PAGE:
I have a very unique relationship with my pops, I think we are both insane and should live on islands by ourselves. But this poem brought me back to some fond memories.
Those Winter Sundays
by Robert Hayden
Sundays too my father got up early
and put his clothes on in the blueblack cold,
then with cracked hands that ached
from labor in the weekday weather made
banked fires blaze. No one ever thanked him.
I’d wake and hear the cold splintering, breaking.
When the rooms were warm, he’d call,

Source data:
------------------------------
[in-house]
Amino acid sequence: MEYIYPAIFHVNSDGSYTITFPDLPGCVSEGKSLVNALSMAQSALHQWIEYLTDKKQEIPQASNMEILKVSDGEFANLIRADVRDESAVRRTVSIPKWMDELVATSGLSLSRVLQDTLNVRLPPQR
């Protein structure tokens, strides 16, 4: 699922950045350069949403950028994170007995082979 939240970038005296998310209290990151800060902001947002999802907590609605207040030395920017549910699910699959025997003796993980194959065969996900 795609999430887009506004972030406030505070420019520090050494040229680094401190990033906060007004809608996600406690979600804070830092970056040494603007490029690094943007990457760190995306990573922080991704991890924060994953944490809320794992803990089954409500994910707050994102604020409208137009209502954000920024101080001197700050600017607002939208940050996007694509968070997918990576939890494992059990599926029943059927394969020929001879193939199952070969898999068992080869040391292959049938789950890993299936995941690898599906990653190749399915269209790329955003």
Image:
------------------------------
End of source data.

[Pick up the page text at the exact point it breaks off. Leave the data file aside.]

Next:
and slowly I would rise and dress,
fearing the chronic angers of that house,
Speaking indifferently to him,
who had driven out the cold
and polished my good shoes as well.
What did I know, what did I know
of love’s austere and lonely offices?
Robert Hayden was an American poet, essayist, educator. He was appointed Consultant in Poetry to the Library of Congress in 1976. (First African-American)